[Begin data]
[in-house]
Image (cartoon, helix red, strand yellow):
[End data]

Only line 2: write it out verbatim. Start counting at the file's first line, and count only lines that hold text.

Image (cartoon, helix red, strand yellow):